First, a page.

Shropshire Star responsive design
In August the Shropshire Star launched a responsive site, with sister title the Express & Star following suit the following month.

Midland News Association's (MNA) regional sites were ahead of some nationals and global news sites in moving to responsive design, which scales to fit the size of the screen the site is viewed on.

Channel 4 News launched its responsive site in August, the Guardian unveiled its 'work-in-progress' site earlier this month, and BBC News is currently rolling out its new offering.

The shift to responsive came out of MNA's "mobile-first strategy", which launched a year ago, with the team responding to a significant rise in the number of people reading their sites on mobile and tablet devices, William Beavis, head of digital at MNA told Journalism.co.uk.

During the first quarter of last year, 11 to 12 per cent of people accessing MNA's sites were doing so from mobile devices. This rose to 30 per cent in the first quarter of this year, Beavis said.

He explained that last year MNA was "making entries into the app market" and considering the best path.

"We found that to keep pace with technologies and new operating systems, apps would potentially prove to be a very expensive route to follow because you have to build multiple apps for multiple devices."

He explained that each type of device would require a different native app, each would later require feature and design updates, and the process would prove costly.

"We looked at how we might be better able to deliver a product and a service that gave a consistent experience to a user no matter what device they were on," he said.

At that point MNA and its team started to look at responsive design or adaptive design.
  • 'Mobile-first'
Beavis explained that it was at that point in November last year that MNA adopted a "mobile-first strategy".

We started with a mobile device in mind first and then worked our way back up to the desktopWilliam Beavis
"The mobile-first strategy means that when we looked at the way we were going to present our content, when we looked at our wireframes and our designs, we started with a mobile device in mind first and then worked our way back up to the desktop".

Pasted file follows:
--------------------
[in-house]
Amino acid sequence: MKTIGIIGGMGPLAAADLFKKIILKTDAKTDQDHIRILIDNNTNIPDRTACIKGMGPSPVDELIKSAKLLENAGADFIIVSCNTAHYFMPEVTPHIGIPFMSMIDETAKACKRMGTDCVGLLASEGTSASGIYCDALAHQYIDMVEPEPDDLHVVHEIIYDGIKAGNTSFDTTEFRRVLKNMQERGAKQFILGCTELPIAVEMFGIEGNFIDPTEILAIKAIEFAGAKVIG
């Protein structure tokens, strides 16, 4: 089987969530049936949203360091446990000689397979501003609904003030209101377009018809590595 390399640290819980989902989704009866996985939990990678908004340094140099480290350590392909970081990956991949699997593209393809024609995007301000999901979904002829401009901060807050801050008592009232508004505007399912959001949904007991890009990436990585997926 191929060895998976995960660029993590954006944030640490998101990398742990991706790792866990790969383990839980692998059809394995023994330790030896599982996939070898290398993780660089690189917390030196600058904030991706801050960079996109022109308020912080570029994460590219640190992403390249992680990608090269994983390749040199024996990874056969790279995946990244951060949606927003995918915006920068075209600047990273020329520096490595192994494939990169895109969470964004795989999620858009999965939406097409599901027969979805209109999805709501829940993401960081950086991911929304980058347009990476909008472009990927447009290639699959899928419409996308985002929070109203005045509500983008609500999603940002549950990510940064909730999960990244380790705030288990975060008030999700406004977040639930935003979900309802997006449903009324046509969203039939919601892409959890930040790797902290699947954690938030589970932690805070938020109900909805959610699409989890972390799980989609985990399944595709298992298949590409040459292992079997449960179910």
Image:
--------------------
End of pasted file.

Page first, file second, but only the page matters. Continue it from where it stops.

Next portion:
The development of the site was all done in-house, with the team taking some inspiration from the BostonGlobe.com, a responsive site.
  • Reactions to responsive
Asked how the audiences of the Shropshire Star and the Express and Star have reacted to the move to responsive design, Beavis said the sites have been "really well received".

"We've had an awful lot of positive feedback from users. As you might expect from users on mobile devices [they] absolutely love it."
  • Advertising
Advertisers also see the benefits, Beavis explained. "One of the issues that we faced was that if you were on our site previously and you accessed it on an iPhone, it was quite difficult to read the content of a leaderboard or a banner ad.

"What happens now is our site is intelligent enough to recognise that you are on our website and looking at us on an iPhone so it can serve up a mobile advertisement instead of what I would call a standard desktop-size ad.

"That means the advertiser gets a better response because the ads are generally clearer and the site is built to accommodate those ads better and so the user can interact with them better as well."
  • Costs
Shifting to responsive design "does save you money", Beavis said, as "it means that you don't have to develop so many apps for so many different platforms".

He explained that MNA offers page-turning apps of the print titles (using PageSuite technology) and they may consider further apps, for example in niche areas, in the future.

"But in terms of our main news sites, this is the perfect solution for us," he added.
  • Mobile and tablet growth
With mobile viewing growing from 11 to 12 per cent in the first quarter of 2011 to 30 per cent in the first quarter this year, does Beavis expect that trend to continue?

"Mobile traffic is now hovering just below 35 per cent", he explained, and he predicts an increase in people accessing the sites from a tablet.

"It's very difficult to predict, but with Christmas coming up, the new [Microsoft tablet] Surface announced, and with the Amazon Fire HD being pushed, come quarter one next year there's going to be a whole bunch more users out there, particularly with tablets, which are becoming much more affordable."

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